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The role of academics in a time of troubles

By Peter West - posted Wednesday, 27 July 2005

A Macquarie University academic has been gaining publicity for some outspoken comments about racial groups in Australia (see On Line Opinion article).

Macquarie has invited the academic to bring forward his retirement. He has not been sacked, as earlier reported. This issue raises some powerful and important issues.

Universities have a range of tasks to do. These include getting people of various ages ready for various professions - medicine, teaching, dentistry and so on. The university's task is also to do research, to subject it to scrutiny, and to disseminate it. The typical university in 2005 brings in students from many countries and in the process blends many different cultures, languages and customs. Macquarie says that 31 per cent of its students are international students, coming from 71 different countries. Like all universities, it must jealously guard its reputation in these countries. These students bring ideas and money with them and they are learning about us in the process. We hope they are telling their families back home that we are a relatively enlightened society.


Universities often resist government policies. But  they rely on governments in various ways for funding. In the times we are in, Australian governments are concerned about security and public harmony. Governments would not be happy to have academics making statements likely to foment racial tension and public disorder.

One aspect of most universities in the Western world has traditionally been that academics are allowed freedom to comment on a variety of matters. Academic freedom is not much discussed these days until a problem arises. Most university academics would strongly defend the right of fellow academics to speak out - to criticise governments and to offer an informed opinion on matters of public concern. Academics normally disagree with each other, with Departments of Education, and with those working in the media.

Macquarie's acting vice chancellor, Professor John Loxton, issued a statement last week carefully acknowledging academic freedom. But he emphasised that it carried a responsibility to comment informatively. He added, "It is a serious matter for staff to make public comments which are intentionally designed to bring the university into disrepute".

As we all know, our reputations are important. Nobody wants to be known as racist: it is one of the biggest fears that our students have today, and quite reasonably. For an academic to espouse - and I emphasise, in a reckless or adventurous way - ideas which raise up one racial group over others, might well damage a university's reputation. Students could quite reasonably complain that if university employees were issuing reckless comments, they could encourage elements in the community to commit acts of violence. It is a university’s moral and legal duty to protect its students from harassment and violence.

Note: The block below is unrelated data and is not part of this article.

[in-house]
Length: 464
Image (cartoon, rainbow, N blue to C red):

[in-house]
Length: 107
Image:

There are always tensions among different groups at a university, sometimes in student newspapers, sometimes on toilet walls! It is always a vexing question as to what level of toleration is appropriate to allow free expression without making vulnerable people feel at risk. Expressing racist comments may push disturbed people over the edge into violence. I understand that in the last week there have been threats made against black people, possibly because of some groups in south-eastern Queensland who might loosely be termed white racists. This may well be a white "old Australian" reaction to multiculturalism, similar to Hansonism.

Therein lies the problem. As Bob Carr said this week, we may have to balance the right of people to privacy with the need to search bags in order to preserve people's safety. With a lot of angry debate in the media about terrorists, it is not helpful for university academics to encourage public hostility towards any group. We expect our teachers in schools and universities to try hard to encourage understanding, to stand for tolerance, even under duress. The huge majority of us do try to teach and practise tolerance, even if sometimes we may mutter things to a colleague. That is our right.


Making public comments means that we must be much more careful. Macquarie, like all universities, has a duty to protect its students - not make them more liable to attack. It has a duty to encourage the formation of a more harmonious society, not a more violent one. Adding the name of Macquarie University to comments encouraging hatred of black people gives these comments a weight they should not have. Macquarie University’s Vice Chancellor and President, Di Yerbury, pointed this out in a statement issued late yesterday.

This week I played my students a song from Rogers and Hammerstein's South Pacific. As I recall, it goes a little like this:

You've got to be taught
Before it's too late
To hate all the people
Your relatives hate
Before you are six
Or seven or eight
You've got to be carefully taught.

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About the Author

Dr Peter West is a well-known social commentator and an expert on men's and boys' issues. He is the author of Fathers, Sons and Lovers: Men Talk about Their Lives from the 1930s to Today (Finch,1996). He works part-time in the Faculty of Education, Australian Catholic University, Sydney.

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